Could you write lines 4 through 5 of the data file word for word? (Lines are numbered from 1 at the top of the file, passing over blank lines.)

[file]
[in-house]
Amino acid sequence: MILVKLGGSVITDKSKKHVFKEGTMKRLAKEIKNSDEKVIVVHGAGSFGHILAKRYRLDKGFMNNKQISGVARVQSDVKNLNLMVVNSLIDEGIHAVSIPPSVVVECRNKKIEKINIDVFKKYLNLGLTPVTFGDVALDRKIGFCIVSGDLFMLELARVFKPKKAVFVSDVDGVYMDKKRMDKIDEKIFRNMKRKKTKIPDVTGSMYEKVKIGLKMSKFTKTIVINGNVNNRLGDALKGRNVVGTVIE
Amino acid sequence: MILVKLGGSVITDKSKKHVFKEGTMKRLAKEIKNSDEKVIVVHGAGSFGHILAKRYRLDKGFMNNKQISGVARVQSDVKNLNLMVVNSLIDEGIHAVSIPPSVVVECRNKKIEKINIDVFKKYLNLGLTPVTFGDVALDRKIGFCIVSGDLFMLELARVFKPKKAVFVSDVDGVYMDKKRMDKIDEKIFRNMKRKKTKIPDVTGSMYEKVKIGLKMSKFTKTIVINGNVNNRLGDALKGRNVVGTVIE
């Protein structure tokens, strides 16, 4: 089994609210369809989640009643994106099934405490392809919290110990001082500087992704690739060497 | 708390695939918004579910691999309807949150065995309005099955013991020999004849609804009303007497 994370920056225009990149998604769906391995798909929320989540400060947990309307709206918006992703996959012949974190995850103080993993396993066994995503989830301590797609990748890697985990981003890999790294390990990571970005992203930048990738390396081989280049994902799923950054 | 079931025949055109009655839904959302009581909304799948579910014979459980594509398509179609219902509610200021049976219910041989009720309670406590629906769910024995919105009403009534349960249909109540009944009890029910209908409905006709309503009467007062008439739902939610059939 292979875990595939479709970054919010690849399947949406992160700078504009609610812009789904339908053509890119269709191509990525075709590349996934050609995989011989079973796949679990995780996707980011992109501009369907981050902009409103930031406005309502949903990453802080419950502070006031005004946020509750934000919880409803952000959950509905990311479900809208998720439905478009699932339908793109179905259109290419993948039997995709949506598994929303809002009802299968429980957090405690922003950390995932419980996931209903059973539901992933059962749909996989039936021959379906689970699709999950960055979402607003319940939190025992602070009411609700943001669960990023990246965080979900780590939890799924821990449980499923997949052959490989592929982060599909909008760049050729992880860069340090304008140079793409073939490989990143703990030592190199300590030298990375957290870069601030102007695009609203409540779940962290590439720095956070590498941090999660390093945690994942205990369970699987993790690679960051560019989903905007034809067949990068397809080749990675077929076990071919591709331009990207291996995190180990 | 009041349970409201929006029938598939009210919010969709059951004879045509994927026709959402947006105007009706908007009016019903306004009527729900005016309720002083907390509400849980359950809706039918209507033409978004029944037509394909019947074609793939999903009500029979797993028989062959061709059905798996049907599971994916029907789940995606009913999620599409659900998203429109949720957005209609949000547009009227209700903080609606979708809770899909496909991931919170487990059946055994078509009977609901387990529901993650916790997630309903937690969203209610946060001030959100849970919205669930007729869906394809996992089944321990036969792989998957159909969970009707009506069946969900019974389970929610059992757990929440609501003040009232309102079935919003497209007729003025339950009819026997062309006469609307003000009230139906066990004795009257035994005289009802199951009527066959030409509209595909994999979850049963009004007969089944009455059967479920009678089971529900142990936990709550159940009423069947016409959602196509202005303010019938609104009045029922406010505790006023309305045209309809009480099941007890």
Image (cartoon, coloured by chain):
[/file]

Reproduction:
């Protein structure tokens, strides 16, 4: 089994609210369809989640009643994106099934405490392809919290110990001082500087992704690739060497 | 708390695939918004579910691999309807949150065995309005099955013991020999004849609804009303007497 994370920056225009990149998604769906391995798909929320989540400060947990309307709206918006992703996959012949974190995850103080993993396993066994995503989830301590797609990748890697985990981003890999790294390990990571970005992203930048990738390396081989280049994902799923950054 | 079931025949055109009655839904959302009581909304799948579910014979459980594509398509179609219902509610200021049976219910041989009720309670406590629906769910024995919105009403009534349960249909109540009944009890029910209908409905006709309503009467007062008439739902939610059939 292979875990595939479709970054919010690849399947949406992160700078504009609610812009789904339908053509890119269709191509990525075709590349996934050609995989011989079973796949679990995780996707980011992109501009369907981050902009409103930031406005309502949903990453802080419950502070006031005004946020509750934000919880409803952000959950509905990311479900809208998720439905478009699932339908793109179905259109290419993948039997995709949506598994929303809002009802299968429980957090405690922003950390995932419980996931209903059973539901992933059962749909996989039936021959379906689970699709999950960055979402607003319940939190025992602070009411609700943001669960990023990246965080979900780590939890799924821990449980499923997949052959490989592929982060599909909008760049050729992880860069340090304008140079793409073939490989990143703990030592190199300590030298990375957290870069601030102007695009609203409540779940962290590439720095956070590498941090999660390093945690994942205990369970699987993790690679960051560019989903905007034809067949990068397809080749990675077929076990071919591709331009990207291996995190180990 | 009041349970409201929006029938598939009210919010969709059951004879045509994927026709959402947006105007009706908007009016019903306004009527729900005016309720002083907390509400849980359950809706039918209507033409978004029944037509394909019947074609793939999903009500029979797993028989062959061709059905798996049907599971994916029907789940995606009913999620599409659900998203429109949720957005209609949000547009009227209700903080609606979708809770899909496909991931919170487990059946055994078509009977609901387990529901993650916790997630309903937690969203209610946060001030959100849970919205669930007729869906394809996992089944321990036969792989998957159909969970009707009506069946969900019974389970929610059992757990929440609501003040009232309102079935919003497209007729003025339950009819026997062309006469609307003000009230139906066990004795009257035994005289009802199951009527066959030409509209595909994999979850049963009004007969089944009455059967479920009678089971529900142990936990709550159940009423069947016409959602196509202005303010019938609104009045029922406010505790006023309305045209309809009480099941007890």
Image (cartoon, coloured by chain):